Out this week in Irish cinemas is The Batman. Starring Robert Pattinson in the titular role as the iconic dark knight, The Batman tells the story of a Batman in his sophomore year of fighting crime. As a hyper-intelligent serial killer calling himself The Riddler (a haunting Paul Dano) causes mayhem across Gotham, Batman has to contend not only with this deranged lunatic but also the reveals he is uncovering along the way.
Director Matt Reeves has crafted something that is quite brilliant. The Batman is an epic crime drama. Everything you’ve likely heard about it is true. The inspirations for the story include the works of Scott Snyder, Jeph Loeb as well as David Fincher.
The aesthetics are inspired by Tim Sales’ work, Reeves draws upon the shadows and lighting that makes Batman such a devastating figure to criminals. An early scene narrated by Bruce showcases that the criminal element is unnerved by almost every shadow in Gotham and he knows this. He uses this fear to his advantage and it’s impressive.
There is also an audio element within the film that can be overwhelming. It’s a kind of pressure. It feels like Reeves is using this audioscape to heighten the presence of Batman on Gotham. He strides into every scene and there is a distinct oomph on his arrival.
The Batman, you’re becoming quite the celebrity
On the topic of the characters, they’re all quite fascinating. Bruce isn’t so much a character as he has been Batman now for two years and his “Gotham Project” is still in its early phase. He feels like a child at times and this is likely due to him relying too much on the persona of the Batman. Accompanying him on this adventure is Andy Serkis’ Alfred. This Alfred is a man still terrified by what Bruce has become. He still aids him though even in matters Bruce has no interest in.
The supporting cast is equally as engaging. Zoe Kravitz plays a sultry and dangerous Selina Kyle easily up there with Michelle Pfeiffer’s. She’s not a true villain in this film, she is simply a person trying to get her own justice. Which seems to be a running theme. Everyone is seeking justice no matter how warped it might be. Dano easily represents this with his Riddler. He’s a man trapped in his own riddle and he wants to subject the people of Gotham to his twisted games.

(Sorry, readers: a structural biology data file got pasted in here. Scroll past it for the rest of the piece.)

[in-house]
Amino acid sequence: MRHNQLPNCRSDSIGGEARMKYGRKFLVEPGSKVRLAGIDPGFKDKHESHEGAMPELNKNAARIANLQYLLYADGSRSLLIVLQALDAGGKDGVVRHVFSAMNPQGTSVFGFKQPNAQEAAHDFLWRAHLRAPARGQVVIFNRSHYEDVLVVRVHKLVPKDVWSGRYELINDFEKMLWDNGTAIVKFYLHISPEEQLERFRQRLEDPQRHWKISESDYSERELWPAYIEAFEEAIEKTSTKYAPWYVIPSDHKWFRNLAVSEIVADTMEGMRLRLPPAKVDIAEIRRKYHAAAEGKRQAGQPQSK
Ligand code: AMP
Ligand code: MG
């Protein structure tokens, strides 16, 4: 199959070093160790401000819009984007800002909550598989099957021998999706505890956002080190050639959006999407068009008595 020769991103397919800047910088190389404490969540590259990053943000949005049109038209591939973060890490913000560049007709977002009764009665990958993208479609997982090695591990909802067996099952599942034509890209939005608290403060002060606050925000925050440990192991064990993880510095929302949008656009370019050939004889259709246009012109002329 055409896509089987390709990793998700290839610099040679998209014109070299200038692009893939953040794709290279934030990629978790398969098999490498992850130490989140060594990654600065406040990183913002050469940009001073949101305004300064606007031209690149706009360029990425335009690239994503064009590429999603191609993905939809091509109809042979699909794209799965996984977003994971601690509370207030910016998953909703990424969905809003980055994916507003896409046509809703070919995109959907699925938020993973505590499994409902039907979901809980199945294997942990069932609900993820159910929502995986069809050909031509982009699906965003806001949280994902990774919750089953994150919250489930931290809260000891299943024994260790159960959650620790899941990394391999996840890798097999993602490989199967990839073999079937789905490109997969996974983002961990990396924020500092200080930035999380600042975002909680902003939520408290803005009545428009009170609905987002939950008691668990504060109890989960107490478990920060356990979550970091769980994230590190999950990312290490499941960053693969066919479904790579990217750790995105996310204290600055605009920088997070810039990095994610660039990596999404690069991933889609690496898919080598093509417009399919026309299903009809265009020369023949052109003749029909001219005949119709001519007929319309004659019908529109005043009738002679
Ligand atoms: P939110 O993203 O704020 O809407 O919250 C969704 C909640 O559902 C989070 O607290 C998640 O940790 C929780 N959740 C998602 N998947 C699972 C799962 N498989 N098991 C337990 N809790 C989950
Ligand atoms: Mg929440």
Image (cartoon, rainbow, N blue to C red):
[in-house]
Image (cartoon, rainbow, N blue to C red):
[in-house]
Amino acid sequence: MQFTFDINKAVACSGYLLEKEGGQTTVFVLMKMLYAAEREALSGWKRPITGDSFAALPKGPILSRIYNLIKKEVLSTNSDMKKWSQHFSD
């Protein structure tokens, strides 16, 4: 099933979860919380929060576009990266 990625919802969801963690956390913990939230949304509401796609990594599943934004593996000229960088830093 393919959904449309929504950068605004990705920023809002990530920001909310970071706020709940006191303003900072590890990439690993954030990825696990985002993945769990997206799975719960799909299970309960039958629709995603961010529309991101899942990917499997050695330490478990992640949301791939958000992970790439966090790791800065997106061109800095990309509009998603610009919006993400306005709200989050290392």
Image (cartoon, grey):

Take it easy sweetheart
Not everything is coming up batwings and batmobiles though. Audiences may be tired of yet another story with Batman. This film doesn’t break new ground on the character it simply offers a fresh perspective and audiences will either like where Reeves has chosen to take Bruce and the denizens of Gotham or they won’t. I also found that this is light on the superhero element of Batman and falls closer into the crime drama. It’s not as eccentric as some fans may hope but it is still packed with enough style and character to make up for that, at least in my eyes.
The Batman is easily one of the most intense cinematic adventures Batman has been on. It’s like a fuse has been lit and this powder keg is ready to go off after 3 hours. And when it finally goes off and the tension finally subsides you’ll either be in awe or you’ll be hoping for something more flamboyant next time.
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